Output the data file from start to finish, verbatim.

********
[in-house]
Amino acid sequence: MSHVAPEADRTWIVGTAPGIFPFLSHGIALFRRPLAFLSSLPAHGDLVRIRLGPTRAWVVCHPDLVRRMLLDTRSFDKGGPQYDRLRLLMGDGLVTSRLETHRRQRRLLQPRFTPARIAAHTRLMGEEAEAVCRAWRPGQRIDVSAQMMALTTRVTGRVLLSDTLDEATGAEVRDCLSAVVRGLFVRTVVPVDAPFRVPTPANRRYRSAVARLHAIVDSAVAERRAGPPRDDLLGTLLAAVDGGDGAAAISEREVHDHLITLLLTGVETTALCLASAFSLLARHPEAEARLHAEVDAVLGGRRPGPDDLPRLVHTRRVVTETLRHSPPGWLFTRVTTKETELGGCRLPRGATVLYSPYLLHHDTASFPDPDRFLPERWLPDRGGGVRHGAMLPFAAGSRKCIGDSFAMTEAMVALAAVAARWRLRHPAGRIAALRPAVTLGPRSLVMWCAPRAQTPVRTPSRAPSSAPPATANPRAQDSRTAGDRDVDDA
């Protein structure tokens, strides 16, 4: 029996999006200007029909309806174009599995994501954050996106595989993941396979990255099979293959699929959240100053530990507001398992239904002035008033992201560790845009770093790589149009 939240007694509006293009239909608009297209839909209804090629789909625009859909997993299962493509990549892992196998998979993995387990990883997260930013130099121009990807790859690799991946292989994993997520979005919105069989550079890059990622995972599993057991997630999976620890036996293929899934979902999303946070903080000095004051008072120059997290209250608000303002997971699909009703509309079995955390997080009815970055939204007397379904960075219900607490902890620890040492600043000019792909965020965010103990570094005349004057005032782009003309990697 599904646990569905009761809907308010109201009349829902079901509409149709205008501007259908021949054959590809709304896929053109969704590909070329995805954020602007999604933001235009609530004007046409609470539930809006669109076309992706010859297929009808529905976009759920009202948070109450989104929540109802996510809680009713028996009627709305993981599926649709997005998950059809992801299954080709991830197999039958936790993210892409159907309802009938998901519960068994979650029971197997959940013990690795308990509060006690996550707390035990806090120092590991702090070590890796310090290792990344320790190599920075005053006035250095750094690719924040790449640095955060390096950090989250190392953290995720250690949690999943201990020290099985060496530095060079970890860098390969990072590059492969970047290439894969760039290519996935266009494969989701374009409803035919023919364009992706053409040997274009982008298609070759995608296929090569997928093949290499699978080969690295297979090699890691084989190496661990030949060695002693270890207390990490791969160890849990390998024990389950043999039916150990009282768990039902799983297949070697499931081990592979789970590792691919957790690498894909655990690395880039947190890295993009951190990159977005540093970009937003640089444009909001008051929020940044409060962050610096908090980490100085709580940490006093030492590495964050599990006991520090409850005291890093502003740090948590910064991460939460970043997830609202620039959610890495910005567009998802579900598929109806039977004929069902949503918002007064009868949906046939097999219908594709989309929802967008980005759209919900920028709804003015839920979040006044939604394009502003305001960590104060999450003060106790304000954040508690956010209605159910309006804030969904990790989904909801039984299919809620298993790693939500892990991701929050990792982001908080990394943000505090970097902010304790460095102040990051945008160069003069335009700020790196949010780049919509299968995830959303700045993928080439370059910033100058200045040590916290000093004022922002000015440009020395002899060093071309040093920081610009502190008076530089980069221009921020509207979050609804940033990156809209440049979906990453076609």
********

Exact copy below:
[in-house]
Amino acid sequence: MSHVAPEADRTWIVGTAPGIFPFLSHGIALFRRPLAFLSSLPAHGDLVRIRLGPTRAWVVCHPDLVRRMLLDTRSFDKGGPQYDRLRLLMGDGLVTSRLETHRRQRRLLQPRFTPARIAAHTRLMGEEAEAVCRAWRPGQRIDVSAQMMALTTRVTGRVLLSDTLDEATGAEVRDCLSAVVRGLFVRTVVPVDAPFRVPTPANRRYRSAVARLHAIVDSAVAERRAGPPRDDLLGTLLAAVDGGDGAAAISEREVHDHLITLLLTGVETTALCLASAFSLLARHPEAEARLHAEVDAVLGGRRPGPDDLPRLVHTRRVVTETLRHSPPGWLFTRVTTKETELGGCRLPRGATVLYSPYLLHHDTASFPDPDRFLPERWLPDRGGGVRHGAMLPFAAGSRKCIGDSFAMTEAMVALAAVAARWRLRHPAGRIAALRPAVTLGPRSLVMWCAPRAQTPVRTPSRAPSSAPPATANPRAQDSRTAGDRDVDDA
């Protein structure tokens, strides 16, 4: 029996999006200007029909309806174009599995994501954050996106595989993941396979990255099979293959699929959240100053530990507001398992239904002035008033992201560790845009770093790589149009 939240007694509006293009239909608009297209839909209804090629789909625009859909997993299962493509990549892992196998998979993995387990990883997260930013130099121009990807790859690799991946292989994993997520979005919105069989550079890059990622995972599993057991997630999976620890036996293929899934979902999303946070903080000095004051008072120059997290209250608000303002997971699909009703509309079995955390997080009815970055939204007397379904960075219900607490902890620890040492600043000019792909965020965010103990570094005349004057005032782009003309990697 599904646990569905009761809907308010109201009349829902079901509409149709205008501007259908021949054959590809709304896929053109969704590909070329995805954020602007999604933001235009609530004007046409609470539930809006669109076309992706010859297929009808529905976009759920009202948070109450989104929540109802996510809680009713028996009627709305993981599926649709997005998950059809992801299954080709991830197999039958936790993210892409159907309802009938998901519960068994979650029971197997959940013990690795308990509060006690996550707390035990806090120092590991702090070590890796310090290792990344320790190599920075005053006035250095750094690719924040790449640095955060390096950090989250190392953290995720250690949690999943201990020290099985060496530095060079970890860098390969990072590059492969970047290439894969760039290519996935266009494969989701374009409803035919023919364009992706053409040997274009982008298609070759995608296929090569997928093949290499699978080969690295297979090699890691084989190496661990030949060695002693270890207390990490791969160890849990390998024990389950043999039916150990009282768990039902799983297949070697499931081990592979789970590792691919957790690498894909655990690395880039947190890295993009951190990159977005540093970009937003640089444009909001008051929020940044409060962050610096908090980490100085709580940490006093030492590495964050599990006991520090409850005291890093502003740090948590910064991460939460970043997830609202620039959610890495910005567009998802579900598929109806039977004929069902949503918002007064009868949906046939097999219908594709989309929802967008980005759209919900920028709804003015839920979040006044939604394009502003305001960590104060999450003060106790304000954040508690956010209605159910309006804030969904990790989904909801039984299919809620298993790693939500892990991701929050990792982001908080990394943000505090970097902010304790460095102040990051945008160069003069335009700020790196949010780049919509299968995830959303700045993928080439370059910033100058200045040590916290000093004022922002000015440009020395002899060093071309040093920081610009502190008076530089980069221009921020509207979050609804940033990156809209440049979906990453076609």